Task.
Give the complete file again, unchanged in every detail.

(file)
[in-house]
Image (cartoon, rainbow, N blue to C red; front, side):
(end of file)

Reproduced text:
[in-house]
Image (cartoon, rainbow, N blue to C red; front, side):